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DNR Clarifies Permits Required For Release Of Captive-Raised Mallards
ANNAPOLIS, MD - The Maryland Department of Natural Resources (DNR) recently adopted regulations to clarify that captive-raised mallard ducks may not be released to the wild except under the authority of a permit from DNR.
“Considering concerns over health standards and proper husbandry, it is imperative that the DNR know the origin, as well as when and where captive-raised mallards are being released in Maryland,” said Paul A. Peditto, Director of DNR’s Wildlife and Heritage Service.
Captive-raised mallard ducks may be released only under the authority of a Regulated Shooting Area Permit, Retriever Training Permit, or a special Field Trial Permit. A Regulated Shooting Area is a tract of land on which the licensee may release and shoot captive-raised mallard ducks and other game birds. Requirements, regulations and application forms to apply for a Regulated Shooting Area Permit may be viewed online at http://www.dnr.state.md.us/wildlife/rsapermit.asp.
A Retriever Training Permit allows the permittee to release and immediately shoot or retrieve captive-raised mallard ducks and other game birds for the purpose of dog training. Requirements, regulations, and application procedures for a Retriever Training Permit may be accessed online at http://www.dnr.state.md.us/wildlife/retpermit.asp.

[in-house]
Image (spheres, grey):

Permits for conducting sanctioned field trials during closed seasons must be obtained from DNR Regional Wildlife and Heritage Offices.
Citizens with questions concerning the release of captive-raised mallards should contact DNR Game Population Specialist, Bill Harvey at 410-221-8838, ext. 108.
February 28, 2008
Contact: Olivia Campbell
410-260-8016 office I 410-507-7525 cell
Maryland Department of Natural Resources (DNR) is the state agency responsible for providing natural and living resource-related services to citizens and visitors. DNR manages more than 449,000 acres of public lands and 17,000 miles of waterways, along with Maryland's forests, fisheries and wildlife for maximum environmental, economic and quality of life benefits. A national leader in land conservation, DNR-managed parks and natural, historic and cultural resources attract 12 million visitors annually. DNR is the lead agency in Maryland's effort to restore the Chesapeake Bay, the state's number one environmental priority. Learn more at www.dnr.maryland.gov